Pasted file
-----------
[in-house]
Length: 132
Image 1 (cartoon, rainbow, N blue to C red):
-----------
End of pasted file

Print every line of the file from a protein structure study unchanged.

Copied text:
[in-house]
Length: 132
Image 1 (cartoon, rainbow, N blue to C red):